Post-Election Commentary: The “Don” of a New Era

November 9, 2016

I need a shower. Not just because it’s warranted after an hour-long spin class (an attempt to rid myself of some election night anguish), but because this whole election season has made me feel sullied.

President-elect Donald Trump. Well. . . how did we get here?

In hindsight, it has been building for years. As Thomas Friedman said in The New York Times:

“It’s the story of our time: The pace of change in technology, globalization and climate have started to outrun the ability of our political systems to build the social, educational, community, workplace and political innovations needed for some citizens to keep up.”

“We have globalized trade and manufacturing, and we have introduced robots and artificial intelligent systems, far faster than we have designed the social safety nets, trade surge protectors and educational advancement options that would allow people caught in this transition to have the time, space and tools to thrive. It’s left a lot of people dizzy and dislocated.”

This populous movement, founded on a sense of dislocation, has been global in nature. Trump tapped into this movement here at home and promised change, hope and help to those affected. Many voters were willing to be lenient on character traits and policy details in exchange for the chance for something (anything) different.

What are the investment ramifications of a Trump presidency?

1. President-elect Trump has inherited an economy that is actually on fairly firm footing. Unemployment is low, corporate earnings are turning around and there are even signs that global manufacturing is picking up. Trump will not want to reverse this trend. His spending plans and tax cuts will likely be a boon for economic growth and equities, at least initially.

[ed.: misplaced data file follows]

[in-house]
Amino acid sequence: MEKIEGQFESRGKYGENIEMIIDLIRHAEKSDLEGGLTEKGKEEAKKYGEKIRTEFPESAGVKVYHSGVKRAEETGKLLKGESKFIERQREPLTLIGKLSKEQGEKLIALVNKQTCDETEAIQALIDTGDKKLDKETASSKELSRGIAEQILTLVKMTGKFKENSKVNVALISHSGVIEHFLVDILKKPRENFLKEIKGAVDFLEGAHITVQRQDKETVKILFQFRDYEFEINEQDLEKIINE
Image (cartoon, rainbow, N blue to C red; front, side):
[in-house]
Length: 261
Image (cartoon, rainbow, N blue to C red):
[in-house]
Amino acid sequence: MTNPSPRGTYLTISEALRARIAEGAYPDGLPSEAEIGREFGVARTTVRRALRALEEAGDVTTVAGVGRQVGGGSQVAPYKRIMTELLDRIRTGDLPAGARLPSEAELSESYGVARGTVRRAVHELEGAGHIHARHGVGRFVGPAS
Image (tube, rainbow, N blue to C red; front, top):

2. Certain aspects of his plan have us more concerned about inflation. With inflation already starting to pick up, the Trump stimulus plans coupled with lower taxes will increase the deficit and create more supply of U.S. treasury bonds. This typically results in higher interest rates and a weaker dollar. Other aspects of his plan might push up the price of imported goods and also labor costs. All this means bond prices could suffer, but yields could actually rise, a welcome development for savers – so long as they stay ahead of inflation. In addition, real assets like commodities and real estate may take on a more prominent role in portfolios as inflation hedges.

3.  A Republican sweep doesn’t necessarily mean a policy tsunami. We expect changes, but we think Trump will be pragmatic and will welcome input. We don’t think Trump will get big changes pushed through without clear, established solutions being defined in the areas of immigration, trade and defense. There are still fiscal conservatives in Congress that will push back on spending and many others in Congress that recognize the economic benefits of more open trade.

As I have mentioned in previous posts, as policy details emerge, corporate America will pivot to play by the new rules. Pent up cash that has been squirreled away waiting for clarity (earning less than nothing after inflation) will be put to work; hopefully in productive ways.

BSW did not adjust portfolios in expectation of the election, nor will we change course drastically as a result of the election. We have built all-weather portfolios specific to each client’s individual goals that also take into consideration twists and turns in the road.  The election results, while historically significant, fall squarely within these normal twists and turns, so nothing makes us think that we need to course correct.  At the margin, we will be looking for ways to capture attractive risk/return opportunities as more policy details come to light over the coming year.

Thanks for reading!


Craig Seidler

Director of Public Investments